Great Britain contributed its grain of sand during those years, with the legalization of a mechanism that, well into the twentieth century, would extend to its remaining colonies on paradisiacal coasts. It’s about the virtual residence of companies, which formally settle in London almost without paying taxes, but actually operate anywhere in the world, with the corresponding tax and legal immunity. This added to the Swiss legislation launched during the crisis of the 1930s, to protect with absolute secrecy to depositors persecuted by the Justice of any country, ended up closing the opaque VIP circuit of international finance. Luxembourg, another registered trademark of patrimonial shielding, introduced the concept of “holding companies”, which brought greater volume and sophistication to the protective fabric of international business in the interwar period.

In the middle of the 20th century, the city of London was consolidated as the world capital of offshore finance, reinforcing through Bank of England regulations the safe operation of firms from all over the planet that chose British banks as the legal headquarters for their international business. The big North American banks did not want to be left out of the boom of the so-called Euromarket, and they joined the circuit, as players of increasing weight. The need to control the flows of dollars demanded by the Cold War in various hot spots on the world board further encouraged the emergence and development of tax shelters in hitherto unknown corners of the Earth.

From Asia to the Caribbean

Thus they became great, from the 60s, the tiny Asia-Pacific and Caribbean tax havens. The financial opportunities created by the Vietnam War fueled the reputation of banking centers such as Singapore, which a few decades later were positioned at the top of the ranking of global corporate havens. Another key witness case to understand the evolution of these financial centers is that of the Cayman Islands, one of the British overseas territories that has captured the most capital in its history.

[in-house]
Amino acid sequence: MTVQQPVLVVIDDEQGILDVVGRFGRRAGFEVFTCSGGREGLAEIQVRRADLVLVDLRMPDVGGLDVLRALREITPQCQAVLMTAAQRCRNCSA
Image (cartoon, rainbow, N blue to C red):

From their origins, the islanders had to look outside looking for employment opportunities, in the absence of large plantations to work with. Forerunners of the “service sector,” the people of the Caymans profited by rescuing the treasures and assisting the crews of the pirate ships that sailed the Caribbean. That ingrained culture was replicated in the modern era, when the region required more reliable banking services. The geopolitical relationship with the British Crown has given the Caymans a kind of guarantee stamp for depositors from around the world and the fluid financial link with New York banking completed the menu: the role of refuge for US businesses that fled or were expelled from Havana by the Castro revolution consolidated that link.

When regulatory pressures around offshore operations began, Cayman reacted with a mix that, today, is the key to the successful survival of any of these global financial havens. On the one hand, uphold business discretion of your customers is still a fundamental condition. Nevertheless, cooperate with international organizations Transparency also became almost mandatory for these centers, so that the firms located in them do not pay the price of being suspicious when obtaining contracts or accessing businesses on a global scale.

The digital revolution made transactions easier, but it also opened the window to disruptive transparency events.

With the disintegration of the Soviet bloc and the globalization of the economy, financial paradises proliferated as never in history. But the escalation of terrorism and the impact of the global financial crises of the 21st century regulatory pressures increased about these bank shelters.

The digital revolution made transactions easier, but it also opened the window to increasingly frequent disruptive transparency events, such as the Panama Papers, the Paradise Papers and the Pandora Papers. Beyond the conspiracy theories that try to explain the origin of these leaks to the press, there is a suggestive detail that the records of Pandora throw: although the music business appears widely escrated, only names of the artistic old guard have emerged. The nouveau riche of the Spotify era is missing. Are they less ambitious and more taxpaying than their predecessors? Or maybe A new tax protection circuit without borders has already been born, perhaps associated with the boom in crypto finance? This story is just beginning.

Silvio Santamarina is the author of Historia de la Guita: the Culture of Money in Argentina.